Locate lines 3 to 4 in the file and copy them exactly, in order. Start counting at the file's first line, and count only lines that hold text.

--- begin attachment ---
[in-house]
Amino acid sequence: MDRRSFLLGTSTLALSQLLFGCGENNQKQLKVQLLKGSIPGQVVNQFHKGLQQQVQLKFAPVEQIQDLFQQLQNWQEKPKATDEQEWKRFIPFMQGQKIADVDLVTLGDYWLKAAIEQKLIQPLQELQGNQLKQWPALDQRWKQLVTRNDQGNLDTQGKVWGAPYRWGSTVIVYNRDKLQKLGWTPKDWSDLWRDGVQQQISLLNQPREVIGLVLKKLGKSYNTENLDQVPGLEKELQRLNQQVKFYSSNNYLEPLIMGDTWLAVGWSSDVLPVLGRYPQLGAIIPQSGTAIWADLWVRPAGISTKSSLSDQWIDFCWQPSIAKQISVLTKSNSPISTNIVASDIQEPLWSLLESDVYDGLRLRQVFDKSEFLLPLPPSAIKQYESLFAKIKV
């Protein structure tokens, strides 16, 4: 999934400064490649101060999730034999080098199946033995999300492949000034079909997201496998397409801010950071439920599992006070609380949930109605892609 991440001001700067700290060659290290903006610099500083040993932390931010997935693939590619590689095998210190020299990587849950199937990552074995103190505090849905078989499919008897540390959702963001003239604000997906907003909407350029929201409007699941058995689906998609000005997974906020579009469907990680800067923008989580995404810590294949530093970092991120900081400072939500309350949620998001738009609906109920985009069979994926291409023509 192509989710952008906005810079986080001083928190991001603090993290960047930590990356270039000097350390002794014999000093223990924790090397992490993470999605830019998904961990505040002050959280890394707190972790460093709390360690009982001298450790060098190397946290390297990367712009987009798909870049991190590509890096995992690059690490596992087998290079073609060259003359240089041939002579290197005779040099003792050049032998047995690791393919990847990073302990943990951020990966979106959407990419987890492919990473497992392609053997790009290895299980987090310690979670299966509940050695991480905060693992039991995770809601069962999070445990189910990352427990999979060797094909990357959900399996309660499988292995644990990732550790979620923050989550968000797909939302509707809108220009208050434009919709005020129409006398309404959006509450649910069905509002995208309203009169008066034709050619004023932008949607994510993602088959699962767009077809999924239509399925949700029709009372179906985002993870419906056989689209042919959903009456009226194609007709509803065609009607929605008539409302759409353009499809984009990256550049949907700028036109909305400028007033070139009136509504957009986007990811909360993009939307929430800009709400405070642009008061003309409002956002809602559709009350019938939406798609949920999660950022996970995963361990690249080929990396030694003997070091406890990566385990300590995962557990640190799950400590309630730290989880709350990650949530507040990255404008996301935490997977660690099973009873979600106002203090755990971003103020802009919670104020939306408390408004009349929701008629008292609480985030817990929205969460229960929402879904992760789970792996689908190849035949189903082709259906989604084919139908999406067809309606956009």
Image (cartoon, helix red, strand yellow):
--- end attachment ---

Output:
């Protein structure tokens, strides 16, 4: 999934400064490649101060999730034999080098199946033995999300492949000034079909997201496998397409801010950071439920599992006070609380949930109605892609 991440001001700067700290060659290290903006610099500083040993932390931010997935693939590619590689095998210190020299990587849950199937990552074995103190505090849905078989499919008897540390959702963001003239604000997906907003909407350029929201409007699941058995689906998609000005997974906020579009469907990680800067923008989580995404810590294949530093970092991120900081400072939500309350949620998001738009609906109920985009069979994926291409023509 192509989710952008906005810079986080001083928190991001603090993290960047930590990356270039000097350390002794014999000093223990924790090397992490993470999605830019998904961990505040002050959280890394707190972790460093709390360690009982001298450790060098190397946290390297990367712009987009798909870049991190590509890096995992690059690490596992087998290079073609060259003359240089041939002579290197005779040099003792050049032998047995690791393919990847990073302990943990951020990966979106959407990419987890492919990473497992392609053997790009290895299980987090310690979670299966509940050695991480905060693992039991995770809601069962999070445990189910990352427990999979060797094909990357959900399996309660499988292995644990990732550790979620923050989550968000797909939302509707809108220009208050434009919709005020129409006398309404959006509450649910069905509002995208309203009169008066034709050619004023932008949607994510993602088959699962767009077809999924239509399925949700029709009372179906985002993870419906056989689209042919959903009456009226194609007709509803065609009607929605008539409302759409353009499809984009990256550049949907700028036109909305400028007033070139009136509504957009986007990811909360993009939307929430800009709400405070642009008061003309409002956002809602559709009350019938939406798609949920999660950022996970995963361990690249080929990396030694003997070091406890990566385990300590995962557990640190799950400590309630730290989880709350990650949530507040990255404008996301935490997977660690099973009873979600106002203090755990971003103020802009919670104020939306408390408004009349929701008629008292609480985030817990929205969460229960929402879904992760789970792996689908190849035949189903082709259906989604084919139908999406067809309606956009």
Image (cartoon, helix red, strand yellow):